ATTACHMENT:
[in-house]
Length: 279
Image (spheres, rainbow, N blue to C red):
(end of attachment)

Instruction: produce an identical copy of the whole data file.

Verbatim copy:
[in-house]
Length: 279
Image (spheres, rainbow, N blue to C red):